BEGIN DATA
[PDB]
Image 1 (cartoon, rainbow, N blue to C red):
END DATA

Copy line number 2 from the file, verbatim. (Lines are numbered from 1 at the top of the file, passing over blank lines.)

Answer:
Image 1 (cartoon, rainbow, N blue to C red):